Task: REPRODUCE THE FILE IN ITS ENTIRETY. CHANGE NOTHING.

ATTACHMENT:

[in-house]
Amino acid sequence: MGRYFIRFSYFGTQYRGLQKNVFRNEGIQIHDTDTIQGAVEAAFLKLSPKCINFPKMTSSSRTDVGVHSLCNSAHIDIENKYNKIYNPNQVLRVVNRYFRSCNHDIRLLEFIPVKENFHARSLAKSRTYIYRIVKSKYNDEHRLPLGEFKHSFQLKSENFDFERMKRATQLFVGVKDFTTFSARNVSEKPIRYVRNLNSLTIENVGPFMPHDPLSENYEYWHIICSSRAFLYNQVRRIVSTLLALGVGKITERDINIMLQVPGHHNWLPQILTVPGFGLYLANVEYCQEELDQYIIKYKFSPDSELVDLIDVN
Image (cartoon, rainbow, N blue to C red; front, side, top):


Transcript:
[in-house]
Amino acid sequence: MGRYFIRFSYFGTQYRGLQKNVFRNEGIQIHDTDTIQGAVEAAFLKLSPKCINFPKMTSSSRTDVGVHSLCNSAHIDIENKYNKIYNPNQVLRVVNRYFRSCNHDIRLLEFIPVKENFHARSLAKSRTYIYRIVKSKYNDEHRLPLGEFKHSFQLKSENFDFERMKRATQLFVGVKDFTTFSARNVSEKPIRYVRNLNSLTIENVGPFMPHDPLSENYEYWHIICSSRAFLYNQVRRIVSTLLALGVGKITERDINIMLQVPGHHNWLPQILTVPGFGLYLANVEYCQEELDQYIIKYKFSPDSELVDLIDVN
Image (cartoon, rainbow, N blue to C red; front, side, top):